Do you have problems with the green being too fresh? Andrew Ford was saying that that has been a bit of an issue here. Also, is it any different for brewed coffee vs espresso?



  17. Hi Luca,

    I have heard of problems of greens being too fresh but I am as yet to come across the problem personally. I know that coffees are rested after processing to help settle and homogenize, though like Mark said earlier cupping and working with fresh coffees is just a fantastic experience.

    As for brewed v’s espresso style of coffee once the coffee starts to fade you can pick up on faded the notes no matter the method of brewing. Though some people say that paper and wood notes are a worthy note in espresso, I don’t believe they are.

  18. Matt- I’m hoping that you see my comments in the spirit of constructive critique; I only want to see success from your work and hope I can engage in a debate of ideas that will help synthesize productive communication. I think that there needs to be a middle ground between a Jakob Nielson utilitarianism and design-for-design’s sake. I’d be happy to talk on the phone about design issues if you are interested, and I hope that you are beta testing new site designs with out-of-house clients. I’ll offer three final questions about the inseason microsite (and I ask these in good faith)… If the design were truly effective, would Deaton really have needed to ask the questions that started this thread? Could it be that your iphone percentages are so low because the design of both the micro site and the home site are painful when viewed on a mobile platform (for Volta’s site, the iphone traffic is the single fastest growing browser segment). Finally, do you really think that not having direct navigation to important information on a site encourages people to explore/are you sure that the response isn’t “fuh” and a quick click to a more useful site?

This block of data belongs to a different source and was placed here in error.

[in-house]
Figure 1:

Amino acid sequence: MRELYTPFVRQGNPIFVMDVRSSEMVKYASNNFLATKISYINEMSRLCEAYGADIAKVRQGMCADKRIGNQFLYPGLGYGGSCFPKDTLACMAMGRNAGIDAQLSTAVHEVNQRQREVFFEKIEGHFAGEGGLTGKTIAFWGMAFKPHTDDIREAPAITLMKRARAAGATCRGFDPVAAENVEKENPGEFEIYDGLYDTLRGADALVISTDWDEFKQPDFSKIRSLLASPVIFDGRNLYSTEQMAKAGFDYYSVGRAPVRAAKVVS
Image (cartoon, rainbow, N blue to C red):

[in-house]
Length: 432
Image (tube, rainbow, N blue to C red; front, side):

19. great conversation starter Deats. i guess one of the luxuries working with Tim Wendelboe is that all our coffee is always ‘in season’ coffee, as pointed (very nicely) out by Klaus. one of the benefits of a smaller scale roastery i suppose…

  20. Tim V.,